It has been a difficult few weeks for Leinster Rugby after missing out on a Champions Cup title against La Rochelle and, now, falling to the Bulls in the URC semi-final in Dublin.
This latest loss has amplified the notion that Leinster have trouble standing up to physical opponents, something Leinster boss Leo Cullen does not deny at this point.
“No, it’s not a wrong analysis because there are similarities in terms of how some of those teams set up the game,” he said in the wake of the Bulls loss.
“It’s one of the great debates really. There is that type of squeeze rugby. You saw it in the Lions against South Africa and that was two teams trying to play that pressure rugby game.
“That’s not necessarily our DNA and there are lots of different factors. How the game is refereed plays a part in that and some of those big turnovers, particularly when the conditions deteriorate a bit as well, and how we manage that as a team, as a coaching group and how we message.
“We want to be able to play a more ambitious attacking game because there are other factors and trying to get season ticket holders to come and watch the games etc etc. But that’s the bit that you need to have both parts to your game because if it turns into an arm wrestle you need to be able to play that type of game as well.
“That’s the part that we will always question ourselves but we want to stay true to the DNA of Leinster rugby as well. That’s the challenge for us. We need to be a bit more accurate in executing our game because when we get our game right against even a power-based team we can be a match for anyone. That’s the bit: be at our best on the biggest days.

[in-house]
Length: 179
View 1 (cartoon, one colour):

“Unfortunately we weren’t today and that’s the bit we need to reflect on from an individual and collective sense.”
However, it is not all doom & gloom for Cullen who recognised the positives and the fact that the future still looks bright for Leinster.
“There is a tonne of talent here. There has been lots of positive bits in the season in bringing guys through and I strongly believe the group will be strong next year. The young guys will kick on even further. There is plenty of experience. Sometimes it’s no harm you go through games like this to really appreciate the big days and what’s involved.
“The players just need to drive it on now, there’s plenty of experience in the group and a good mix of old, experienced guys who’ve had some positive and negative experiences and you need those negative experiences sometimes to build the pain and the resilience and the rest.
“It’s not the way we wanted to end it, but we have to look forward now and watch on next week.
“I do believe our game has come on a lot this year. We’ve added plenty of layers to the game. It might not seem that when you come up with nothing at the end of the season, but you get to a Champions Cup final away in France, you’re so close, little bits of execution, but that’s going back to that point, we really need to be at our best on all the big days and it’s just little, little things we’re not quite nailing. That’s the fine margins, isn’t it?
“That’s the bit for us just to keep working away on. It’s a long summer though, isn’t it, when you don’t have silverware and I guess everyone in the club demands that. It’s not that it’s an expectation, but there’s a demand for it. And that’s everybody, players, coaches, supporters, the whole shebang.
“But there’s lots of progress in our game. Unfortunately when you lose in the manner you do today, it may not feel like that.
“But yeah, that’s the reflection. Making sure that we’re right on the big days.
“As I said, I’ll look to myself first, how we go about setting up the players, but there’s plenty to reflect upon now. We’re all hugely disappointed, but we’ll come back stronger. As I said, I think the group have made progress in a number of facets and a number of individuals have made great strides this year as well, so I think they’ll be better for the experience, as painful as it is.”